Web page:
22. Vain Ph., Thole V., Worland B., Opanowicz M., Bush M.S., Doonan J.H. A T-DNA mutation in the RNA helicase eIF4A confers a dose-dependent dwarfing phenotype in Brachypodium distachyon. The Plant Journal, 2011, Vol. 66, Issue 6, Pp. 929–940.
23. Thole V., Peraldi A., Worland B., Nicholson P., Doonan J.H., Vain Ph. T-DNA mutagenesis in
Brachypodium distachyon. Journal of Experimental Botany, 2012, Vol. 63, Issue 2, Pp. 567-576.
24. Bennett M.D., Leitch I.J. Nuclear DNA amounts in angiosperms: progress, problems and prospects. Annals of Botany, 2005, Vol. 95, Pp. 45–90.
25. Vogel J.P., Gu Y.Q., Twigg P. et al. EST sequencing and phylogenetic analysis of the model
grass Brachypodium distachyon. Theoretical and Applied Genetics, 2006, Vol. 113, No. 2, Pp. 186-195.
26. Vain P., Worland B., Thole V. et al. Agrobacterium- mediated transformation of the temperate grass Brachypodium distachyon (genotype Bd21) for T-DNA insertional mutagenesis. Plant Biotechnology Journal, 2008, Vol. 6, No. 3, Pp. 236–245.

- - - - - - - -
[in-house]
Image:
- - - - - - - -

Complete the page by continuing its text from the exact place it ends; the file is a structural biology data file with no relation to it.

27. Vogel J., Hill T. High-efficiency Agrobacterium- mediated transformation of Brachypodium
distachyon inbred line Bd21–3. Plant Cell Reports, 2008, Vol. 27, Pp. 471–478
28. Vogel J.P., Garvin D.F., Leong O.M., Hayden D.M. Agrobacterium-mediated transformation and inbred line development in the model grass Brachypodium distachyon. Plant Cell, Tissue and Organ Culture. 2006, Vol. 84, Pp. 100179–100191
29. Filiz E., Ozdemir B.S., Budak F., Vogel J.P., Tuna M., Budak H. Molecular, morphological and
cytological analysis of diverse Brachypodium distachyon inbred lines. Genome, 2009, Vol. 52, Pp. 876–890
30. Vogel J.P., Tuna M., Budak H., Huo N., Gu Y.Q., Steinwand M.A. Development of SSR markers and analysis of diversity in Turkish populations of Brachypodium distachyon. BMC Plant Biology, 2009, Vol. 9, P.88
31. Garvin D.F., McKenzie N., Vogel J.P., Mockler T.C., Blankenheim Z.J., Wright J., Cheema J.J.,